The convention has spotlighted gun-control advocates, including "the Mothers of the Movement" — pro-Clinton mothers who have lost children to gun violence or excessive force by police officers — on Tuesday night, and on Wednesday night Giffords and her husband, retired NASA astronaut Mark Kelly, Murphy, former independent New York City Mayor Michael Bloomberg and others. Vice-presidential nominee Tim Kaine mentioned the 2007 mass shooting at Virginia Tech in his acceptance speech and efforts to tighten gun laws in the wake of the tragedy.
When Giffords addressed the convention, she said: "Hillary is tough. Hillary is courageous. She will fight to make our families safer. In the White House, she will stand up to the gun lobby. That’s why I’m voting for Hillary."
Democrats at the convention adopted a platform that calls for expanding and strengthening background checks, closing “dangerous loopholes,” and keeping assault weapons and large-capacity ammunition magazines off the streets.
The platform also calls for the U.S. Centers for Disease Control and Prevention to have adequate resources to study gun violence as a public-health issue.
While the party's appeals for tighter gun measures are sharpening, the reality of significant changes is unclear. Political watchers say even if Clinton wins in November, any attempts for meaningful reform could be stymied by Congress.
And gun-control advocates would have to reckon with the powerful National Rifle Association, which supports Trump and whose lobbyist has said Clinton wants to take away Americans' guns.
One political expert was skeptical that Democrats, even if Clinton wins the White House and the party's candidates take the Senate, would have the political strength needed to push through any major gun-control legislation.
However, given the public mood, the issue could resonate, said political observer David Berman.
In recent weeks, five police officers in Dallas were gunned down by a lone gunman, 49 people were massacred as they partied at a gay nightclub in Orlando and questions over police killings of black men have gripped the nation. The assailant in Florida had pledged his allegiance to the Islamic State.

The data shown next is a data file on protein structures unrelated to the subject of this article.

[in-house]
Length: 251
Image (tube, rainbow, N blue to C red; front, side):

Berman said gun control could possibly be a part of the first 100 days of a Clinton administration, a period when a new president historically hits the ground running with an agenda of legislative priorities.
"It seems like the public is starting to turn around a little more when it comes to some kind of gun control," said Berman, professor emeritus of political science at Arizona State University and a senior research fellow at ASU's Morrison Institute for Public Policy. "Hillary has made it a central plank. If she wins, she is going to say, 'It's my mandate.' She campaigned for gun control and I think that she's going to push for it."
'Not a complicated issue'
Trump has backed off earlier support of a ban on so-called assault weapons, saying Americans need to be able to protect themselves and that their right to bear arms shouldn't be curbed.
Clinton's position is there are changes that can be made to gun laws that still respect the Second Amendment.
Barber said he's confident that if Clinton is elected, stricter measures will come.
He cites surveys showing Americans increasingly support stricter gun laws by wider margins in the wake of the shootings around the country. An Associated Press-GfK poll released last week suggests most respondents support nationwide bans on semiautomatic weapons and the sale of high-capacity magazines that hold more than 10 bullets.
"It’s not a complicated issue — people try to make it one," Barber said. "The guy that shot us ... he just kept pulling the trigger, just kept firing away. So it's a firepower issue, as well."
Asked how gun-control advocates will make their case for changes, Barber told a story about the day of the massacre in Sandy Hook.
He was on the road to Cochise County to meet with constituents. He heard about the shooting as he was driving with his staff, and the death toll kept climbing.
Later, after the meeting, a man he has known for many years — a chile farmer — approached him.
"He said, 'I want to talk to you about what happened in Connecticut,' " Barber recalled. "He said, 'I've had a gun since I was a boy. I love hunting. I'm an NRA member — a lifetime NRA member.' "
The man told him he needed to go to Washington, D.C., "and do something about this."
Yvonne Wingett Sanchez and Dan Nowicki write for The Arizona Republic. Follow them on Twitter: @dannowicki and @yvonnewingett